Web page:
Nitrogen is one of the most important plant nutrients and is responsible for protein formation and is vital for photosynthesis. Many crops like nitrogen-greedy corn quickly deplete the supply of nitrogen in the soil. Even many lawn grasses take significant amounts of nitrogen from the soil. In order for the soil to continue to support healthy plant life, the nitrogen must be replenished either naturally or with synthesized fertilizers containing ammoniacal nitrogen or urea.
An inexpensive, high-nitrogen fertilizer, urea is heavily used in commercial farming. It contains 46 percent nitrogen, promoting vigorous plant growth and high crop yields. Originally, urea was a soft substance used in fertilizer blends, but today, it is manufactured as granules with few pollutants released into the environment during manufacturing.
Ammoniacal nitrogen is nitrogen derived from ammonia and is one form of nitrogen that plants can readily use. Ammoniacal nitrogen is most commonly found in the soil as ammonium, which is created naturally by the nitrogen cycle or introduced through synthesized fertilizers and deposited into the soil for plant use. However, if the soil is alkaline with a pH level of 8.0 or higher, the ammonium converts to ammonia and evaporates, removing the nitrogen from the soil and releasing it into the atmosphere.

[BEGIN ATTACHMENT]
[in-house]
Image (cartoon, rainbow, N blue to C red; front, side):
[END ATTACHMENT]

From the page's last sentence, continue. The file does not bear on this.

Rain and legumes such as beans and alfalfa deposit atmospheric nitrogen into the soil. At the same time, plant and animal waste decomposition and synthetic fertilizer application also deposit nitrogen into the soil. However, all of this nitrogen is not yet in a plant-usable form. Bacteria and other microscopic organisms in the soil take the atmospheric nitrogen and the synthetic nitrogen including urea and convert them into ammonium. Bacteria further convert some of the ammonium to plant-usable nitrate. Plants take up both the nitrates and the ammonium as nutrients for growth.
The conversion of atmospheric and synthetic nitrogen into usable ammonium and nitrates takes time. Excess, unconverted synthetic fertilizers left on the surface of the soil run off or leach into the community’s waterways, causing contamination problems. Additionally, even though urea converts quickly to ammonium in the right conditions, in dry conditions, urea converts to ammonia and a significant amount of nitrogen is lost through evaporation.
- Northeast Organic Farming Association; Ecologically Sound Nitrogen Management: One Researcher's Educated Guess; Mark Schonbeck; February 2004
- University of Minnesota Extension; Fertilizer Urea; Curtis J. Overdahl, et al.; 1991
- University of Missouri Extension; Nitrogen Cycle; Scott C. Killpack, et al.; October 1993
- What Are the Benefits of Rain Water When Growing Plants?
- List of Common Agricultural Fertilizers
- Organic Fertilizer Risks
- Caffeine As an Insecticide
- What Are the Causes of High Potassium in Soil?
- Soil Pollution Types
- Gypsum for Plants
- Miracle-Gro Ingredients
- What Are the Dangers of Miracle Grow?
- What Is Humus Fertilizer?
- What Are the Benefits of Gypsum in Soil?
- The Effects of Inorganic Fertilizers